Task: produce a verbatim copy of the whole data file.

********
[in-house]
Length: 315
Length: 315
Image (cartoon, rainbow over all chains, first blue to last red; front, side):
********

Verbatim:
[in-house]
Length: 315
Length: 315
Image (cartoon, rainbow over all chains, first blue to last red; front, side):